A white wall is timeless. It works in a classic or contemporary space; it can be serenely cool or elegantly warm, and it's the perfect backdrop in just about any space that you're making your own. I love whites because they're calming and lift my mood at the same time, and they also play so well with natural textures and materials. Not to mention they're a sustainable choice, since they are timeless and will likely last longer than walls painted richer colours that we tire of more quickly.
It's funny then, isn't it, that white is the colour that stresses us out the most when choosing paint for our homes? I admit it can be overwhelming choosing the right white- after all Benjamin Moore has 150 shades! And of course it looks different depending on the amount of light coming into your space. But really, it's hard to go wrong with white when you follow a few simple guidelines and don't over-think it. It's only paint - stop stressing and start brightening your home!
1. Determine whether you want a cool or warm feeling in your home.
You can use several different whites in the same room or throughout your house (in fact it is usually recommended to keep from feeling cold and dull), but keep them in the same family - either cool or warm. Warm whites evoke romantic, cottage, cozy feelings, while cools work better for modern, minimalist and calming environments.
I suggest using a bright neutral white on trim and cabinetry, then choose a wall palette in either warm or cool off-white shades.
2. Check the undertones.
Is it pink, yellow, green, blue? Compare it next to a pure untinted white so you can see more easily how far away from pure white your colour sample is. Cool undertones are greens and blues; warm undertones are pinks, reds, oranges, peaches, and yellows.
Hint: stay away from pink undertones if you have yellow based flooring or cabinets. And forgo peachy colours altogether - they rarely look good. Greens are serene but are also tough to do well - a white that leans toward turquoise (hence green undertones) will emphasize the yellow in birch, for example.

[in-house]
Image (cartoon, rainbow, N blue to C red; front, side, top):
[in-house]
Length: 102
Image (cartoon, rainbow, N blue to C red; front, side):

Another hint: you'll want your trim to be untinted white or just a touch creamier (like Behr's Ultra Pure White or Sherwin Williams' Extra White. ) This way your wall colour will be slightly distinctive to add depth and interest.
3. Consider the light.
Are you south facing with lots of windows to allow for sunshine? Or does your room have limited natural light? Spaces may have different lighting coming from a multitude of directions, so you need to consider this when choosing a colour. Also, try to switch to LED light bulbs (both because they give a more natural light and are eco-friendly). Unnatural incandescent or fluorescent lighting will make your white shades seem off.
Hint: north and east facing rooms with lower light will cast shadows, so I like going with warm neutrals with yellow or beige undertones that make the room feel more welcoming. Stay away from green undertones for north facing rooms. South facing rooms do well with cool undertones to counteract the warm sunshine coming in later in the day.
4. Create contrast using finishes.
Flat goes on the ceiling, eggshell or satin usually works well for walls, and semi gloss or gloss enhances trim. Just this little bit of variation is quite pleasing to the eye.
5. Finally, and most importantly, test it out.
The best way to know if your paint colour will work is to bring home a sample and paint a big swatch on your walls, then observe it at different times of day. Research can help, but this is truly the best way to know if the white you choose will work for you.
My simplest tried-and-true selections:
Trim. Doors & Cabinetry (semi-gloss or high gloss):
CIL White on White
SW High Reflective White
BM Chantilly Lace
SW Pure White
BM Paper White
Warm off-white walls:
BM Simply White
CIL Wedding White
Cool grey-white walls:
CIL Universal Gray
SW Eider White
BM Silver Satin
Neutral-warm greige walls:
SW Drift of Mist
BM Winter Orchard
CIL Light Pelican Grey